Knee Replacement in Young Patients

Total knee replacement surgery has long been used to treat severe arthritis in elderly patients. However, concerns arise when a patient in their 40s or 50s has severe knee arthritis that is not relieved with simpler, non-surgical treatments.

Once reserved for elderly patients, total knee replacement surgery is becoming more common in the younger, active population. However, there are concerns about performing this procedure in such young patients.

Knee replacement in a doctor's hand
Peter Dazeley / Getty Images

How Young Is Too Young?

No one can definitively answer this question, but what we do know is that the benefits of performing total knee replacement surgery in younger patients may outweigh the risks of surgery.

The benefits are primarily quality of life, pain reduction, and maintaining proper fitness. By accomplishing these goals, patients may also reduce the risk of developing other problems associated with poor fitness such as cardiovascular disease.

The primary risk of performing total knee replacement surgery in younger patients is the concern of wearing out the implant. Developments in manufacturing have sought to reduce the magnitude of this problem, but it is a concern.

Furthermore, the amount of wear to a knee joint replacement does appear to be related to the amount of activity. Therefore, young patients with joint replacements should be cautious and perform only suggested activities (see below).

The Knee Society recommends specific activities for patients with total knee replacement, these include:

  • Cycling
  • Calisthenics
  • Swimming
  • Low-resistance rowing
  • Skiing machines
  • Walking and hiking
  • Low-resistance weightlifting

Activities which The Knee Society specifically recommends to be avoided are:

  • Baseball
  • Basketball
  • Football
  • Hockey
  • Soccer
  • High-impact aerobics
  • Gymnastics
  • Jogging
  • Powerlifting

These lists are meant to give patients an idea of what to expect if they undergo knee replacement surgery. Before you begin a new exercise program, it is important that you discuss this with your healthcare provider. If there is an activity you do not see listed, and you are curious about your participation, ask your healthcare provider.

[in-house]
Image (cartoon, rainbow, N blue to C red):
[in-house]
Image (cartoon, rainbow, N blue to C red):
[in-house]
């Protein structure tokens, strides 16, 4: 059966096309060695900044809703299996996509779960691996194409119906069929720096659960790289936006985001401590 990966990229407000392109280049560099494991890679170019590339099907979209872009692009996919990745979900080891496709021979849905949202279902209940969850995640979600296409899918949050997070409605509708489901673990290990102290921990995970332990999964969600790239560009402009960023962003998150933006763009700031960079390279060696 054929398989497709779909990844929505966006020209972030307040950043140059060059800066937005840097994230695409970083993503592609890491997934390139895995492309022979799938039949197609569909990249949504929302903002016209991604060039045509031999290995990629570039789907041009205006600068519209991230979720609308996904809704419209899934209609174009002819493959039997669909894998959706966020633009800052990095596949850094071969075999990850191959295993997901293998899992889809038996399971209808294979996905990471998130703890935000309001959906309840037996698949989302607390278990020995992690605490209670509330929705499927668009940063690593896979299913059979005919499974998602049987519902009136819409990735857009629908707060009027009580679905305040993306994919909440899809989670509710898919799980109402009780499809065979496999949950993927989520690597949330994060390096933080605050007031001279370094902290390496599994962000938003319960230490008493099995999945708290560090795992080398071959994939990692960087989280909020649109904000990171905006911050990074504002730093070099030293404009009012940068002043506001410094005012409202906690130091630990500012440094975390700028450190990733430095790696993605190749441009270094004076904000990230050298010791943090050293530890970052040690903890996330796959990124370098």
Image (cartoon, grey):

Replacement Results in Young Patients

Numerous studies have evaluated patients considered to be young to have a knee replacement. The average age of having a knee replacement in the United States is right around 65 years old.

Generally, surgeons consider anyone under the age of 50 to be 'young' for the purposes of having a knee replacement. Interestingly, this segment of the population--under 50-year-old patients--is the fastest-growing segment of people having knee replacement surgery.

The studies of these patients have found very good results. Better than 85% of people having a knee replacement in this age group consider their results to be good, and the complication rate remains low. More than 98% of the knee replacements placed in this patient age group were still functioning 10 years after surgery.

Risks of Surgery

As with any surgical procedure, there are risks related to having knee replacement surgery. As mentioned, the primary concern in the younger, more active population is early wearing out of the knee replacement implants.

However, there are also other risks of knee replacement that people considering the procedure should be aware of. Among these other concerns are infection, stiffness, and blood clot.

A Word From Verywell

Knee replacement surgery is a major surgical procedure and has some serious possible risks associated with surgery. Anyone considering this surgical procedure, regardless of age, should try a healthcare provider-supervised trial of nonsurgical treatments before undergoing a knee replacement.

However, when all else has been tried, and a young patient has severe arthritis, a knee replacement can be an effective means to maintain both physical health and mental health. By giving patients pain relief and improved function, people often are happier and healthier, even when having a knee replacement at a young age.

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2 Sources
Verywell Health uses only high-quality sources, including peer-reviewed studies, to support the facts within our articles. Read our editorial process to learn more about how we fact-check and keep our content accurate, reliable, and trustworthy.
  1. Aujla RS, Esler CN. Total knee arthroplasty for osteoarthritis in patients less than fifty-five years of age: a systematic review. J Arthroplasty. 2017 Aug;32(8):2598-2603.e1 doi:10.1016/j.arth.2017.02.069

  2. D'lima DD, Steklov N, Patil S, Colwell CW. The Mark Coventry Award: in vivo knee forces during recreation and exercise after knee arthroplasty. Clin Orthop Relat Res. 2008;466(11):2605-11. doi:10.1007/s11999-008-0345-x